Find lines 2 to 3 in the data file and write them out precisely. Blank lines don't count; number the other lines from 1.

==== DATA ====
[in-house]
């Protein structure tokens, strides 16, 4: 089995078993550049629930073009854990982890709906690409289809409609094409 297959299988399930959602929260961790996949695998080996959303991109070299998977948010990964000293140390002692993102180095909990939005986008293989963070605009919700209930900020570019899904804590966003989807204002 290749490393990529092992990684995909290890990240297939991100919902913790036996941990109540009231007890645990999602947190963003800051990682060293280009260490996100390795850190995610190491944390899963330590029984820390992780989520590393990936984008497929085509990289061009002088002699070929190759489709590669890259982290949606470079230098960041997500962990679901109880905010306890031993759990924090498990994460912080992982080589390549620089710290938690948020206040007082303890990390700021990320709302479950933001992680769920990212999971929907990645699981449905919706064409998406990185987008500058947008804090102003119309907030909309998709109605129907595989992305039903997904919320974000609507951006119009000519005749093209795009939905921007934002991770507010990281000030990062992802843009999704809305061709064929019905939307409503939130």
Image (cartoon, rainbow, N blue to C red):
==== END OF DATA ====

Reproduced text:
């Protein structure tokens, strides 16, 4: 089995078993550049629930073009854990982890709906690409289809409609094409 297959299988399930959602929260961790996949695998080996959303991109070299998977948010990964000293140390002692993102180095909990939005986008293989963070605009919700209930900020570019899904804590966003989807204002 290749490393990529092992990684995909290890990240297939991100919902913790036996941990109540009231007890645990999602947190963003800051990682060293280009260490996100390795850190995610190491944390899963330590029984820390992780989520590393990936984008497929085509990289061009002088002699070929190759489709590669890259982290949606470079230098960041997500962990679901109880905010306890031993759990924090498990994460912080992982080589390549620089710290938690948020206040007082303890990390700021990320709302479950933001992680769920990212999971929907990645699981449905919706064409998406990185987008500058947008804090102003119309907030909309998709109605129907595989992305039903997904919320974000609507951006119009000519005749093209795009939905921007934002991770507010990281000030990062992802843009999704809305061709064929019905939307409503939130």
Image (cartoon, rainbow, N blue to C red):